Manceau's (1995) reinterpretation of some of our EXAFS results (Waychunas et al., 1993) has been analyzed using both old and newly collected data in an attempt to clarify the nature of proposed monodentate and edge-sharing bidentate arsenate complexes on the ferrihydrite surface. It is shown that EXAFS analysis utilizing data with sufficient k-range does indicate the presence of relatively short AsFe bonds, suggestive of an edge-sharing complex as indicated by Manceau (1995). However, a variety of data analysis factors and crystal chemical considerations create doubt in this assignment. Most significantly, X-ray scattering data collected on a sample of ferrihydrite with a large density of sorbed arsenate, which should show a substantial fraction of the edge-sharing complex, does not show any such correlation within fitting uncertainty. We also suggest that it is unnecessary to invoke the presence of edge-sharing bidentate arsenate to explain the surface growth poisoning of ferrihydrite with increasing sorbed arsenate, as Manceau (1995) claims.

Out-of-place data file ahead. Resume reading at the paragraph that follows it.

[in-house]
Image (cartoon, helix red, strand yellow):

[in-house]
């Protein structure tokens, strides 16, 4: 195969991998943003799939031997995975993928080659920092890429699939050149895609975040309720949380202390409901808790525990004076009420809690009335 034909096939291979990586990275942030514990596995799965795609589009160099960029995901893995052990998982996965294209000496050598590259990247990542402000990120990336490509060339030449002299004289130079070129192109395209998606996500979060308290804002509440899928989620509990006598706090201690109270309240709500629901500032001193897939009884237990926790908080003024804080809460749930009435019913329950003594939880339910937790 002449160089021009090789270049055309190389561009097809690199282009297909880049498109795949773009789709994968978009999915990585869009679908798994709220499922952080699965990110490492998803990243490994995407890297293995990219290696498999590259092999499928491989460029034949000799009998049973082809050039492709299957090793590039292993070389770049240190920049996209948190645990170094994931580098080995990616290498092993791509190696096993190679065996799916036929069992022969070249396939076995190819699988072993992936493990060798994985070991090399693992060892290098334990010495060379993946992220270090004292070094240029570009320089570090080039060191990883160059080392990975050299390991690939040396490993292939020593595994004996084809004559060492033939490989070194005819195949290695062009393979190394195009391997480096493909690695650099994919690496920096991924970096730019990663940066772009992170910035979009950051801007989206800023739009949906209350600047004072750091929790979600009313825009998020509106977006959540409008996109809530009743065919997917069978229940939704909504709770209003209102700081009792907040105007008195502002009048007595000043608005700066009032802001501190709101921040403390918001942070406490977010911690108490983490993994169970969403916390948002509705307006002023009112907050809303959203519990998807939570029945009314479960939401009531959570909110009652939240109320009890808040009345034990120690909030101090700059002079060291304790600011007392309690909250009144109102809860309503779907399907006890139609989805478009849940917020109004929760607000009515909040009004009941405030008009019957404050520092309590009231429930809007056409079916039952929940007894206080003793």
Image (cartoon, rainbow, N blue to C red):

Further, we show that a model based on the topology of close packed oxygen ions offers a clear explanation why monodentate arsenate should appear on some surfaces and not on others, and why differing AsFe distances might be observed on a single surface with a single type of complex. This model also explains why bidentate sorbed arsenate can occupy positions with consistent “tilt” angles. Without such consistency, the sorbed arsenate would be highly positionally disordered, and difficult to detect accurately via EXAFS methods.